An NC machine, instead of having wheels like a manual machine, accepts instructions and numbers. But unlike a CNC machine, a computer is not feeding it those instructions and numbers.
An NC machine comes with a special typewriter thing that you use to write your program and it produces the punch cards or magnetic tapes that the NC machine accepts. You then take the tape or card and put it into the machine and it directly runs through the instruction set. A key distinction from a CNC machine seems to be the fact the "program" in an NC machine is run straight from beginning to end, and you traditionally could not just "drop in" and make an edit in the middle, unlike computer software. If you want to debug, fix it, or make a change, you have to make a whole new tape or card set.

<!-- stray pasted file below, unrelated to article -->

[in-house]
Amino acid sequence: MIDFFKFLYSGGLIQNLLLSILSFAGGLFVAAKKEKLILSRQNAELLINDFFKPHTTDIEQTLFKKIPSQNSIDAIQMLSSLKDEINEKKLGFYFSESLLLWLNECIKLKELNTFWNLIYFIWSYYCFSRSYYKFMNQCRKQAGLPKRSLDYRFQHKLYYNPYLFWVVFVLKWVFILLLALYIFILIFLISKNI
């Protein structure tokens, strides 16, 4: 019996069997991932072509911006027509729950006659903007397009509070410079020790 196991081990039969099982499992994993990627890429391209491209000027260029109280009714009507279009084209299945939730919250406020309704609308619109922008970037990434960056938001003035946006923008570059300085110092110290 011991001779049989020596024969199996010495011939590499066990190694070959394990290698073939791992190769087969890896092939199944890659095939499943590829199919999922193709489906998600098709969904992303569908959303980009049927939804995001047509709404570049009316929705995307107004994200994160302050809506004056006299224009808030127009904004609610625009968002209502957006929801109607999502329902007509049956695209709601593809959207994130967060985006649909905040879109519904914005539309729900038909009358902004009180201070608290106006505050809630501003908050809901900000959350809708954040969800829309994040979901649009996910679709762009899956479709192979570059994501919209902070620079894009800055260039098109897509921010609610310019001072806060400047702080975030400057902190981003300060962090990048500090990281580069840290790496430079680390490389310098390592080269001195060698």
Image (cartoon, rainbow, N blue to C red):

The fact we have desktop computers now that could produce magnetic tape (or punch cards) to stick into the NC machine eases programming (you can make edits in the middle instead of making a brand new card or tape each time), but does not change the fact that the NC mill, lathe, etc. still only accepts the magnetic tape or punch cards as the source of its instructions. This is different from a CNC machine that has a computer inside it that executes a program stored on storage media (which could be magnetic tape, but nowadays a magnetic disk, hard-drive, or flash-drive).
Some NC machines did use G-code but there were other alternatives as well.